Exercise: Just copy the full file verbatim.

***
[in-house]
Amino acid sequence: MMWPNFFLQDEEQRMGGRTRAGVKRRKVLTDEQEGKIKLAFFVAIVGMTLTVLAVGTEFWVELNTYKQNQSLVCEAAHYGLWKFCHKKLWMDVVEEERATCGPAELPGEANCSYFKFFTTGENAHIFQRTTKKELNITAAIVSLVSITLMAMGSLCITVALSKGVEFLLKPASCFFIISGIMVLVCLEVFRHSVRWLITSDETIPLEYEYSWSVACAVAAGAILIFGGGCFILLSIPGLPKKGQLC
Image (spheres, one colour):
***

[in-house]
Amino acid sequence: MMWPNFFLQDEEQRMGGRTRAGVKRRKVLTDEQEGKIKLAFFVAIVGMTLTVLAVGTEFWVELNTYKQNQSLVCEAAHYGLWKFCHKKLWMDVVEEERATCGPAELPGEANCSYFKFFTTGENAHIFQRTTKKELNITAAIVSLVSITLMAMGSLCITVALSKGVEFLLKPASCFFIISGIMVLVCLEVFRHSVRWLITSDETIPLEYEYSWSVACAVAAGAILIFGGGCFILLSIPGLPKKGQLC
Image (spheres, one colour):